The PE (TTM) of 112 at the 2015 highs has now been halved and price is 40% off the highs. Is this enough? Let's look at the technicals.
UA is current hovering around the 200 week moving average. It has nearly retraced 50% of the 2009-2015 rally, and this may be a target and act as support, much as the 38.2% Fibonacci retrace did in January 2016. If you look at the likes of Tesla you will see this is a common pattern among 'too far too fast' stocks; it first retraced to the 38.2% in February 2015, bounced strongly to a lower high, then came down to the 50% in early 2016.
The lower pane shows a sequential indicator created by Tom Demark. As I mentioned it in the chapter above, it is designed to show buying and selling exhaustion.
The first signal was given right at the January low (circled) and the next signal is at least two weeks from completion. The specifics are quite hard to explain, but if and when the weekly 9-13 completes, there is a good chance sellers are exhausted.
There are two main takeaways from the weekly chart: firstly, $27 should act as support. Additionally, sellers are nearly exhausted and if price were to get to $27 there should be very little selling left.
The daily chart shows some more detail of the cycles of buying and selling as defined in Elliott Wave.
The minimum target for the pattern shown is the 90% measured move at $28.65, with potential for the 100% target at $26.5. This ties nicely in with the $27 target provided on the first chart. It would also give us momentum divergence on the oscillator shown on the bottom chart; price will make a lower low, but the oscillator won't.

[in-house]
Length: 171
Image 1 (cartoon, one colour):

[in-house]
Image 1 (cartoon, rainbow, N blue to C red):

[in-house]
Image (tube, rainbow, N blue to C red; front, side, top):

I plan to start a position around $28 and will watch the charts for signs of exhaustion or reversal patterns. I will target the gap fill at just under $40, with a view to hold for 3-6 months.
Expectations can further be guided by stocks which have behaving in the same way over the past year. For whatever reason, Starbucks (SBUX) is one of these stocks:
I'm not for one moment comparing the two companies. But consider the positioning in these two stocks are bound to be similar as the patterns created by buying and selling are nearly identical.
The main takeaway here is the reaction we should expect once price reverse. $40 is a conservative target.
If you like UA and are looking for a place to buy, I think under $28 is a great place for a starter position.
The decline is UA is driven by fundamentals. The valuations in 2015 were not realistic and that fact is being corrected by price and time.
At certain points fundamentals and price diverge and this creates opportunities. Price will eventually be pushed too far to the downside and sellers will be exhausted. This is what I'm looking for and when I plan to buy.
Disclosure: I/we have no positions in any stocks mentioned, and no plans to initiate any positions within the next 72 hours.
I wrote this article myself, and it expresses my own opinions. I am not receiving compensation for it (other than from Seeking Alpha). I have no business relationship with any company whose stock is mentioned in this article.